Group wants state regulators recused from PNM case


ALBUQUERQUE, N.M. — State regulators in less than two weeks are to begin deliberating a proposal that calls for shutting down part of an aging coal-fired power plant in northwestern New Mexico that serves more than 2 million customers in the Southwest.

But one environmental group, New Energy Economy, is calling for Public Regulation Commissioners Pat Lyons and Karen Montoya to recuse themselves from the deliberations.

The group, in a motion filed Wednesday, argues that phone calls and emails between the two commissioners and the electric utility PNM have created at least an appearance of a conflict of interest.

“People want to know choices are being made transparently and wisely and democratically,” New Energy Economy executive director Mariel Nanasi said in a statement. “PNM and some of our state utility regulators have completely corrupted that public faith.”

The commissioners did not immediately respond to requests from The Associated Press for comment.

Lyons told the Santa Fe New Mexican that the allegations were baseless and politically motivated.

“They’re a very liberal organization that doesn’t take into consideration the ratepayers of New Mexico,” he said. “They’re grabbing at straws, trying to push through a liberal agenda.”

The proposal for shutting down part of the San Juan Generating Station is aimed at curbing haze-causing pollution in the region. The terms were negotiated in 2013 by Republican Gov. Susana Martinez’s administration, PNM and officials from the Navajo Nation.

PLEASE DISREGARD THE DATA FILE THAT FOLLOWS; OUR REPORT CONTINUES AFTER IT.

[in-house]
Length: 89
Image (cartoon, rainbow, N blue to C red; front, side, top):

Under the plan, two units at the San Juan plant near Farmington would be closed and the lost power replaced with a mix of coal from one of the plant’s other units, electricity generated by the Palo Verde nuclear plant in Arizona, a new natural gas-fired plant and solar.

PNM’s regulatory filings estimate the cost over 20 years at more than $6.8 billion. The utility has said the power replacement plan represents the most cost-effective alternative for dealing with federal environmental mandates that call for reducing pollution at San Juan.

New Energy Economy has argued that the proposal depends too much on coal- and nuclear-generated power and would saddle customers with the costs of impending emissions regulations as well as the expense of decommissioning coal- and nuclear-fired plants in the future.

In its filing this week, the group claims there have been ongoing and regular social and professional contacts between the commissioners and senior PNM management and lobbyists who work for the utility.

Aside from listing phone calls, the motion details emails that Nanasi claims “demonstrate a close relationship between these two commissioners and PNM that clearly violates both the letter and the spirit of the law.”

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